Chairman of the board
Friends of surf legend Mike Smith recall his surfing legacy
By Chris O'Neal 01/02/2014
The name Mike Smith means different things to different people in Ventura. Mayor of C. Street, surf legend, good friend — regardless of affiliation, Mike “Mikey” Smith has been making waves since the sixties.
Last Saturday, more than 50 of Smith’s longtime friends, acquaintances and fans gathered at the beach at the end of California Street to honor Smith, with several friends giving speeches and reminiscing about time spent on the waves alongside the surf legend. A longboard, signed by all in attendance, will be on display at Ventura Surf Shop, while a poster board featuring Smith riding the waves with his equally legendary dog will hang at Ventura’s Foster’s Freeze on Telegraph Road in the coming weeks.
The only one not in attendance was Smith himself. For several years, Smith has battled dementia — a condition that has his friends and family doing the best they can to remember what he can’t by sharing stories and details of their relations with Smith.
“Mike’s an institution of Ventura,” said Bill “Blinky” Hubina, owner of Ventura Surf Shop. Hubina first met Smith when Smith was 13, surfing the waters off Solimar Beach as a boy. “He’s just one of those kids you hear stories about that during the war he went surfing.”
Smith served in Vietnam before returning to California and attending Cal Poly to major in business marketing. Later, he would take over for his father at Bob Smith Oil, but his many sporty passions, including duck hunting, kept him outdoors.
In 1985, Smith, his friend Tom McCauley, photographer Phil Ranger, childhood friend Betty Elder and Smith’s then wife Nancy decided to hold a reunion as a throwback to the sixties when Smith and friends learned to ride the waves.
The Longboard Reunion was a chance for the group to invite their peers and fellow surfers to California Street for a friendly competition. The friendly competition, as it turned out, would grow into something much bigger.
Patterned after the original Tom Morey surf competitions of the time, the reunion drew surfers from across California. After several years, and in collaboration with the Ventura County Fairgrounds, the Longboard Reunion became the C Street Championships, until eventually the original founding members stepped aside after 18 years. Sine 2004, the Ventura Surf Club has hosted the competition as the C Street Surf Classic.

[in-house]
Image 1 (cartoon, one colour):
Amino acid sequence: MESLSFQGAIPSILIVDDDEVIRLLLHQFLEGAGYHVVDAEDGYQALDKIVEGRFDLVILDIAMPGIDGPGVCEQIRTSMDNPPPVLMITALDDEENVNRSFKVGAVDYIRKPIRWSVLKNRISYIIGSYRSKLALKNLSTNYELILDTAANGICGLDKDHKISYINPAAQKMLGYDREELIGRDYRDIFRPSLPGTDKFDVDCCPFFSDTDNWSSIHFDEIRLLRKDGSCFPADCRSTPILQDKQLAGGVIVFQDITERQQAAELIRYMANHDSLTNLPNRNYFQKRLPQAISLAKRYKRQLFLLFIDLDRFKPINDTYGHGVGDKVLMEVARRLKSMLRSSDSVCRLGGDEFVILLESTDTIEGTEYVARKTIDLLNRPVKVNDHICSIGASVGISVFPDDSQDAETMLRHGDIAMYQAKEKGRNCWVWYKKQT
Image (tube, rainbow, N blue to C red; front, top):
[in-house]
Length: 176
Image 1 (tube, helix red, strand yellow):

“I had a good recall of all the people from those days,” said McCauley, who helped put together the Longboard Reunion’s first roster of participants. “Mike Smith was the up and coming legend of the day. He had quite a following of his own.”
What made Smith memorable on the board was his uncanny ability to ride the nose. Most surfers will balance on the back or middle of the board, but Smith could edge out to the front and “hang ten,” (the act of hanging every toe over the edge while riding a wave) and would sometimes surf with his beloved dog, long before surfing dogs became a thing.
Smith’s style became known well enough that a board was crafted for surfers looking to emulate him. Mike Smith’s Nose Rider, crafted in conjunction with Hubina at the Ventura Surf Shop, is still on sale and is asked for by name by customers looking to hang ten like Smith.
“He was always good to people,” said Hubina. “Befriending them, letting them borrow a surfboard. He just loved to talk. That’s why they called him the Mayor of C Street.”
Betty Elder watched Smith grow up in Solimar Beach with her own children. Ever since, Elder has been a close friend to him and Smith’s circle of friends, including McCauley and fellow surfers Frank Sentes, Rusty Smith and Mike Arrambide.
Elder put out the call for friends and family to gather in front of Smith’s apartment at the beach in Smith’s honor and arranged for the longboard, donated by Gary Pearson and Kip Sullivan, and the poster signing.
“We call him the Mayor — he is the best,” said Elder. “He’s just been the glue to keep us all together.”
McCauley recalled his most memorable moment surfing alongside Smith as he drove into Los Angeles.
“We had a reputation for taking off on the biggest waves together and doing go-behinds,” said McCauley. “One day we were enjoying the waves together. He turned in front of me and I turned in front of him and the next thing we knew we were staring at a dozen dolphins, jumping in and out of the waves, charging ahead like greyhound horses. It was a lifetime achievement.”
The longboard is available for anyone to sign at Ventura Surf Shop.